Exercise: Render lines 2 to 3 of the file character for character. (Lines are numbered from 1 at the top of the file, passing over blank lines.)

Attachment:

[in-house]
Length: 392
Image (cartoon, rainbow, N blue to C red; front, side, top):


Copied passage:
Length: 392
Image (cartoon, rainbow, N blue to C red; front, side, top):